Il Palazzo Enciclopedico / The Encyclopedic Palace, this is the title for the 55th International Venice Biennial of contemporary Art, curated by Massimiliano Gioni.
It evokes the title of an ideal project by the self-taught artist Marino Auriti who “on November 16, 1955 filed a design with the US Patent office depicting his Palazzo Enciclopedico (The Encyclopedic Palace), an imaginary museum that was meant to house all worldly knowledge, bringing together the greatest discoveries of the human race, from the wheel to the satellite. Auriti’s plan was never carried out, but it is the starting point of what I would call the topos of the eccentric, that Auriti shares with many other artists, writers, scientists, and prophets who have tried – often in vain – to create visions, that could possibly embrace the riches of the Knowledge.
This Biennial is very interesting not only for its singular works, but for the implications opened by Gioni’s complex display. Involving and legitimising professional and non professional artists, in fact, puts into question the status of what we normally call “Art” with capital letters, it erases the boundaries between Art and creativity, stressing the importance of the debate, instead of promoting the object.
Art is a form of perception-training, says Eco where we learn to know through our senses, this is why I’ve chosen this topic, says Gioni, where the Encyclopedia is not a way to store knowledge, but to stimulate it and to put it into question.
Gioni received the million dollar question: How did you chose the artists? You’ve chosen professional and non professional artists why?
Gioni answered that he wanted to let people reflect on who has the right of being considered artist or not, he wanted to open the debate on why some artists are more part of the system than others, what are the reasons why some artists are ‘In’ or ‘Out’. This topic is not simply formal, because to ask oneself why someone is ‘In’ or ‘Out’ is a highly political question, even in Italy. Going on with the question he continued saying that he didn’t only chose the artists, but the works too, this seems to be a minimal difference, but to him this is very substantial.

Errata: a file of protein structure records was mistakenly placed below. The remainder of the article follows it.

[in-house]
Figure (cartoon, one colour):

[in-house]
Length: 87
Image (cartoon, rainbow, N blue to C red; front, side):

Many works were chosen because they deal with existential adventures and with the attempt of knowing and being able “to know and see” and all together they tell us many stories, the stories of many failures too, while looking for this ideal universal knowledge.
At the end of the institutional press conference I asked Massimiliano Gioni following question:
After the past two decades dealing with relational-art, this Biennial seems to become the Biennial of the relational display, we could even define it the “biennial of the shared language” where the curator, professional and non-professional artists become the protagonists of a cultural debate. Is this an attempt of substituting the New Aesthetic with a New Humanism?
Massimiliano Gioni answered, he didn’t want to make an absolutistic statement. In reality when he talks with artists and sees the shows, even those organised and curated by the artists themselves he has noticed, that they don’t particularly care about these distinctions. They don’t particularly care if an artists is famous or not, they look everywhere and are more focused on a sort of equivalence of images, and this was what Gioni wanted to reproduce. It’s curious, when you put Art near what is considered non-art something interesting happens, on one hand art becomes, again, a simple vision of the world and not only a product, on the other it helps us understanding the culture that surrounds us.
I found this answer quite interesting, first of all as it takes into account the figure of the artist and curator as a creator of complex scenarios and not only as the protagonist of an interior monologue expressed through an art-object. Secondly, I am fascinated by the scope of the decision to place “high and low” artists and their practices in dialogue, highlighting how the creation of value emerges not from the object or by the individual theories, but from the intellectual debate.
This Biennale full of interesting works highlights the “research”, a word often abused and distorted, watered down as a simple way of conceptualising, when in fact it is a complex process, quoting Austin and Searle we could dare to consider it as a complex “Speech Act”, in which the works are objects that catalyse dialectical visions and perceptions and real “alternative lifestyles” that only in an interlocutory process can be enjoyed and debated. Last but not least the opening of a magical emotional trend returns to art, the function of a grammar of the senses and of the emotions, not just of the meanings.
Words/Photo Annalisa Cattani: Artist and Curator, Theory of Argumentation Researcher, Collaborates with Radio Città del Capo (Bologna) and undo.net, Italy